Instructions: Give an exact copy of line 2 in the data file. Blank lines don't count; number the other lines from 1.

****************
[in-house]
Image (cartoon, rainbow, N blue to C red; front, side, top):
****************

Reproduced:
Image (cartoon, rainbow, N blue to C red; front, side, top):